There would be better shooters on the system. Better games blindly influenced by media made by dudes who just finished jerking off to a picture of Reagan. Play those instead.
Oh, and the iconic “Rambo Knife” is completely fucking useless in-game. Way to go, Sega.
Revenge of Shinobi
Shit, I didn’t mean to be so negative and long-winded on that last one. Revenge of Shinobi is a bit uh, complicated. There’s a lot to like about the game, and it is a certified classic. But fuck me, dude, there’s a lot of shit to hate in here, too. For one thing, this game is way too fucking hard. And not in the good way. Enemies attack you from off-screen. There’s a lot of blind jumps to make, often times with an enemy off-screen ready to attack you as soon as you make that landing. When (not if) you get hit, you go flying backwards. Pray there’s no bottomless pit behind you. Level 2 is particularly egregious here, especially as it’s hard as shit to see anything, given the enemies match the background.
But then everything else is great! Audio/Visual wise? It still looks great now. And of course, like everyone else who has ever written about Revenge of Shinobi, I’m legally obligated to bring up Yuzo Koshiro’s incredible soundtrack. Yes, it is as great as any piece of music you will hear, in games or otherwise. “China Town” is a particular favorite of mine.
The other thing I’m required by law to bring up is the game’s flagrant disregard for copyright law, something that warms my cold leftist heart.
The game rules, but I do wish it wasn’t such a pain in the ass to play sometimes. If you’re going to play it, play REVISION 00, as that one doesn’t have the SJW Censorship that is “slightly altering sprites so as to not look like copyrighted things.”
Super Fucking Hang-On
Ah yeah baby, I saved the best for last. Fuck what you’ve heard, Super Hang-On owns. For one thing, the racing is actually fun. Given that this came out in a time where ports of or attempts at replicating Super Scaler arcade games were a goddamn joke, this is nothing short of a miracle. Sure, it’s not nearly as fast as its arcade counterpart, but that don’t matter. What the console port has is “Original Mode.”
Original Mode is where the real meat of the game is. You don’t just race; you race, and then buy better bike parts when you win. You have rivals to beat, sponsors to impress, mechanics to fire when your muffler fucking falls off again for no discernable reason what the fuck. It’s surprisingly compelling, even now in this post-GT, post-Forza world, where this sort of thing is de rigueur. Obviously, an arcade port from 1989 is not going to feature the most detailed realism, but again, this doesn’t matter.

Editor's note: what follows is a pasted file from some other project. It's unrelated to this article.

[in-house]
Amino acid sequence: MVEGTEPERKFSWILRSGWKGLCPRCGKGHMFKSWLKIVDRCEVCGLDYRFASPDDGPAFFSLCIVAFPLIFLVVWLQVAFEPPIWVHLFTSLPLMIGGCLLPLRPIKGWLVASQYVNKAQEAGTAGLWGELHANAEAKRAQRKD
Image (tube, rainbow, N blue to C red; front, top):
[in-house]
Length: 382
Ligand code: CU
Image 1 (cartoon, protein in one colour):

It’s funny, I had mentioned that I thought Satoru Nakajima F-1 Super License was among the best racing games on the system. It still is, mind you, but I had completely forgotten about this game when I had written that. What makes that funny is that I’ve liked Super Hang-On since I was a kid, long before I had any interest in motor sport. I wasn’t super into it the way I would have been with Sonic or Streets of Rage, but it was a fun little game to throw in every so often. I spent pretty much an entire night this week playing the Original Mode, making it to the final track, trying to save my money for the best possible parts, instead of having to repair broken ones I already had.
I think this balancing act of upgrade vs forced repairs is what does it for me. Obviously, this is not on the level of R: Racing Evolution’s sports manga take on the sport, but there was clearly an attempt to add some sort of drama to the game. Managing finances and building up a support team, all while dealing with some shit-talking asshole who thinks they’re better than you. I think once again, Nakajima comes in second here, and Super Hang-On is the best racer on the Genesis.